A singer wishing to do a Fellowship recital complained to me during a recent teachers’ meeting that she could not find a suitable programme which would fit the requirements of the diploma. She mentioned a vast number of assorted songs and extracts from oratorios, operas and musicals and asked whether the balance was right. My immediate reaction was that, if at this level of performance she was still rooting around for a style and genre which best suited her voice, she was playing well above her level; a fellowship diploma is the ultimate before stepping out on to the professional stage and by that point you surely must have established some focus on performance niche. Useful as it is in the early stages of training to cast the net wide to see where your voice and musical personality were the most comfortable, by this point that work should have been done and dusted. When, however, I suggested that she might focus on a genre which suited her and build a programme around that, she was aghast. “But”, she wailed, “I have to present a balanced and varied programme”.
And there we have the problem. So indoctrinated have students become by the obsession of both teachers and the ABRSM to pigeon-hole music into historical periods that they can’t perceive musical variety in any other way. For too many of them a “balanced and varied” programme MUST contain Baroque, Classical, Romantic and what they quaintly call “Modern” (that last named period includes Elgar, by the way, so that’s how relevant it is to reality). For a singer, no programme is complete unless it contains fragments of cantata, lieder, opera, operetta, musical, English song, French song, folk song, and so on; the vocal equivalents, if you like, to the historical periods which are the bêtes noirs of pianists and others.
A balanced and varied programme encompasses a whole range of concepts, historical period being the least significant. Give us a programme of Fugues in C minor by Bach, Mozart, Beethoven, Rheinberger, Healy Willan and Hans Gal and you cover the gamut of historical periods without ever presenting musical variety. Similarly, a vocal recital of Stradella, Purcell, Mozart, Beethoven, Verdi, Puccini, Wolf, Brahms, Schubert, Schumann, Wagner, Mahler, Schoenberg, Berg, Britten, Warlock, Finzi, Debussy, Fauré, Ravel, Berlioz, Andrew Lloyd Webber and Uncle Tom Cobley and all presents such a mind-boggling variety that one suspects neither the singer nor the audience can ever get to grips with what’s being offered.
This obsession with historical period is positively encouraged by the practice the ABRSM has of listing its repertoire in graded music exams that way. In the current Grade 8 piano syllabus, for example, you HAVE to play, if not a piece of genuine Baroque music, then a piece of pseudo-Baroque (including that most unpianistic of genres, a Fugue) as well as something Classical. You can get away with avoiding the Romantic era provided you head down the soft jazz route, but your choices are limited. Certainly there is some educational (if not musical) logic in forcing students to cover the principal eras of musical history, that way they can develop a broad-based repertoire, but I'm not sure one can argue that case beyond grade 5.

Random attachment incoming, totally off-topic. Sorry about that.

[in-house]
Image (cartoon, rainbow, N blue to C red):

There again, is it the job of examination boards to provide teachers with a curriculum, or is it their job to assess the curriculum the teachers themselves have planned? ABRSM thinks so, Trinity takes a different approach. A comment I regularly trot out at teachers’ meetings I give to Trinity teachers or to those in the field of music education who want to know what are the basic differences between the Boards, is that Trinity exams are aimed at the good teachers, while ABRSM aims at the bad ones. A joke, of course, and I am careful always to let the audience know that I do mean it as a joke, but it’s got more than a grain of truth in it for, while ABRSM helps the teacher by providing a rough curriculum, Trinity assumes that the teacher has already done this.
However, once you move from the area of graded music exams to that of diplomas - where it is assumed you are seriously considering a musical career – the two Boards are in full agreement. By this stage students must have developed their own likes and dislikes, their own feelings of sympathy or antipathy to various composers and musical styles, and to continue to force them to cover historical periods in their repertoire is seriously wrong. For ABRSM diplomas students are expected to devise a "balanced recital programme", while Trinity specifies "your chosen programme must display a range of moods, styles and tempi". Note that they do not demand a mixed bag of historical periods and, in singing, neither Board demands a mixed bag of musical styles. True, Trinity list so many songs that they put them into stylistic groups, but there is no expectation that songs from each group are chosen (despite the weird and contentious assertion that "Most programmes will include music from both the operatic and lieder traditions to ensure a balanced and varied programme"). So if you are planning a diploma programme with an eye to historical periods or as wide a range of musical styles as possible, you are clearly heading for trouble.